MILLIONS of households are expected to pay more for their energy this winter than they did a year earlier, even though Ofgem reduced the price cap on bills.

Experts said the reduction of Government support and a small increase in the standing charge would hike bills for some.

The SNP have insisted families need urgent answers on what support the the UK Government will give them. 

Energy regulator Ofgem said the new cap on a unit of gas and electricity would reduce the average bill to £1923 from October 1, from £2074 per year.

The average customer with a prepayment meter will see their bills fall to £1949 per year.

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This average is based on an estimate that the typical household uses 2900 units of electricity and 12,000 units of gas.

The energy regulator said it was cutting the price of gas from 8p per kilowatt hour (kWh) today to 6.89p from October 1. The price of electricity will fall from 30.1p per kWh to 27.35p.

The standing charge on energy bills also rose from 82p to 83p per day for gas and electricity. Households pay this amount – around £303 per year – no matter how much gas or electricity they use.

The price cap applies to England, Wales and Scotland.

While this looks, on the face of it, like good news for millions of struggling households, the lack of Government support this winter will actually mean higher bills for many.

SNP MP Alan Brown (below), the party's energy spokesperson, said: "These latest figures show that the UK Government is happy to sit on its hands while households across Scotland continue to suffer.

The National:

"With a cold winter fast approaching, the UK Government has a responsibility to set out exactly what its plans are to support families.

"However, the best way to secure economic growth and security for households is to properly invest in the renewables gold rush and rejoin the EU - something the pro-Brexit Labour Party has now turned its back on."

Last winter, the typical household would have paid £2500 per year due to the Government’s Energy Price Guarantee, which in practice superseded the then much higher price cap.

On top of that, each household’s bill was reduced by between £66 and £67 per month between October and March due to a separate Government grant.

Meanwhile, the standing charge has risen from 74p last winter to 83p this year, adding a little under £3 per month to bills.

Jonny Marshall, an expert at the Resolution Foundation, estimated about one in three households in England, or 7.2 million in total, will face higher bills between October and March.

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These households will be those who consume less gas and electricity than a typical household.

“The end of the £400 universal payments and rising standing charges mean that over one-in-three families across England will face higher bills this winter than last,” Marshall said.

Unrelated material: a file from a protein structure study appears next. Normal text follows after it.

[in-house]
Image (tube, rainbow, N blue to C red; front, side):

“With almost three million households set to see their bills rise by over £100 – at a time when inflation is still sky high – the Government must up its game in providing longer-term support for hard-pressed families with a new social tariff for energy bills.”

Ofgem chief executive Jonathan Brearley said: “It is welcome news that the price cap continues to fall, however we know people are struggling with the wider cost-of-living challenges and I can’t offer any certainty that things will ease this winter.”

While households are unlikely to feel much difference this winter when comparing it to last, it will mean a much smaller bill for the taxpayer, which was paying out billions to subsidise bills last year.

Asked on Sky News whether it would be helpful if the Government reintroduced subsidies, Brearley said: “Well, of course it would be helpful, but what I don’t have to do that they have to do is think about the fiscal position, think about the tax position and all the other trade-offs they’ve got to make.”

Citizens Advice head of energy policy Gillian Cooper said targeted support for households would be desperately needed.

“The next few months will push households like these over the edge. Our data suggests it will be as bad, if not worse, than last winter,” she said.

“Government must step in quickly with more targeted support for the households who need it most.”

With gas prices expected to keep energy bills at elevated levels until at least the end of this decade, some said the only way to reliably bring down bills was to invest in insulation and other things that can help reduce how much energy people need to use.

Connor Schwartz, warm homes campaigner at Friends of the Earth said: “With winter fast approaching, the best time to start rapidly rolling out street-by-street insulation was yesterday, the next best time is now.”